The book contains more than 200 recipes on 76 pages, of which the first 190 are listed in an alphabetical index at the back. The first date mentioned is 19.4.08, found under a recipe for veal dumplings. Just before that, the formatting of the headlines changed. At first they were aligned to the left and ended with an exclamation mark, while from this point onwards they are centred and end with a full stop. This change makes me wonder if the first 19 pages were perhaps written by the mysterious Mieze Reinecke. The handwriting also shows some very subtle differences.

Therefore, for clues to the life of our young married couple, I am looking at the 98 recipes of the second phase in the book, covering 26 pages with occasional dates spanning from April 1908 to March 1909. These can give us an impression of what they ate and what household concoctions they may have prepared. After that point, the entries become rarer, with six pages mainly containing tips for household cleaning methods and home remedies, fizzling out at the end of 1909. Although Richard was born in July 1909, there are no recipes for baby food or anything else relating to him. Maybe she had a separate notebook for baby things that I haven’t found yet. After that, there is a gap of five years, and the records resume with “war recipes” in a less diligent handwriting.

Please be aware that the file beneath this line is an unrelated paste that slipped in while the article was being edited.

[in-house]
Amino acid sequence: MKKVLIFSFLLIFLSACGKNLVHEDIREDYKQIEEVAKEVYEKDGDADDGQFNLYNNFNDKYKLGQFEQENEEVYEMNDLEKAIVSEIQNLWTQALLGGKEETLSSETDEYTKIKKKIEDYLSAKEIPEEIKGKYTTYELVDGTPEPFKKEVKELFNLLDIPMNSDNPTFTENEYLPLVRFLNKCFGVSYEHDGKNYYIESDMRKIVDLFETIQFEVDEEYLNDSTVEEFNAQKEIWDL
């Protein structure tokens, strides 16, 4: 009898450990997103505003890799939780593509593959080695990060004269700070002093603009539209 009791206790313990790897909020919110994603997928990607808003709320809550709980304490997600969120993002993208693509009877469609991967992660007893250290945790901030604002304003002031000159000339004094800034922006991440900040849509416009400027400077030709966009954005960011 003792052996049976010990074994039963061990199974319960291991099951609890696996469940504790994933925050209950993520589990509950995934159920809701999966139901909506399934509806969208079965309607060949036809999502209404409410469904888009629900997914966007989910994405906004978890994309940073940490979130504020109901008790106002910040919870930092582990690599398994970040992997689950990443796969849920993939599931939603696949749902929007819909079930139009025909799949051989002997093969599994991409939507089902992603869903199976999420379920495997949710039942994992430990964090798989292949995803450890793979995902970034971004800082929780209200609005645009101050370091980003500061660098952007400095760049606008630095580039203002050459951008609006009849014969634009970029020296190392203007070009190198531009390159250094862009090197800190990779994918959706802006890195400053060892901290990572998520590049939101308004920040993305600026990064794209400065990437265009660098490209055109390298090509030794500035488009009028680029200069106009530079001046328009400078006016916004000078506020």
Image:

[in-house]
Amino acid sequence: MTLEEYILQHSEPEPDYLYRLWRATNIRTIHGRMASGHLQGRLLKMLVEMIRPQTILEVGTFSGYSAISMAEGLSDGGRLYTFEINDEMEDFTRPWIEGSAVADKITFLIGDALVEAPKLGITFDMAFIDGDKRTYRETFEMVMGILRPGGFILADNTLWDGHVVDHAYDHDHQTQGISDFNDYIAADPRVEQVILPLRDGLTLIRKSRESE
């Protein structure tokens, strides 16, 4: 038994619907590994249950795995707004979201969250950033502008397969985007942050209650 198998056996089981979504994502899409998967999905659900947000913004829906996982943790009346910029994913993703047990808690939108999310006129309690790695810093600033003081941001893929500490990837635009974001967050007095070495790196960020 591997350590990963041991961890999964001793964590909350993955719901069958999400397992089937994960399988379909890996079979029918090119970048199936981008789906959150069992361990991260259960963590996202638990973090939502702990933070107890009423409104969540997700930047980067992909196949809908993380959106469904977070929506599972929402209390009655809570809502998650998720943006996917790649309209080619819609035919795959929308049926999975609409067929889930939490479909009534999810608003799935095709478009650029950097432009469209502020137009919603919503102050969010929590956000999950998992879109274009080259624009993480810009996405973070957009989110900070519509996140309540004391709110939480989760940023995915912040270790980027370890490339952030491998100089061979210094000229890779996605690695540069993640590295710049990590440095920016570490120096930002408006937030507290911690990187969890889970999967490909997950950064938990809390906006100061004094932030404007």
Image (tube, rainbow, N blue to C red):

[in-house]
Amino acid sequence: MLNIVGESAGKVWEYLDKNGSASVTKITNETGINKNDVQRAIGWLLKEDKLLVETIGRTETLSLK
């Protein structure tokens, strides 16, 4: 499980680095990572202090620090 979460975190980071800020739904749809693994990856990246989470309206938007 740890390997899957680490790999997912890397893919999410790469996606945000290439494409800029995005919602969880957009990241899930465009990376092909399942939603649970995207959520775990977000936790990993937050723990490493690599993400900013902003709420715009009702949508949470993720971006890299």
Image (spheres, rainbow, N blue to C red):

In 1908, the year of their marriage, there were plenty of cakes including Linzertorte, Sandtorte (with the remark added: very good!), yeast cakes filled with fruit, and Topfkuchen. Pastry recipes include Schokoladenplätzchen, Madeleines, Mandelhäufchen. The initial pages of the book were already offering quite a lot of pastry such as Muzzemandeln. Sweet casseroles were also popular, including the elaborately named Verschleierte Dame (veiled lady) and Arme Ritter).

The favourite type of meat appears to have been veal, which comes in various shapes and sized. Just occasionally interrupted by mutton, or ox. We find instructions on how to marinate an eel, and recipes for whitefishes (Coregonus), carp and herring. There are dumplings of all sorts, as well as tomato sauce and mustard sauce.

For my taste, there’s not enough about salad, but there is one “Russian salad” and an instruction on how to grow radishes in every season. That’s a start.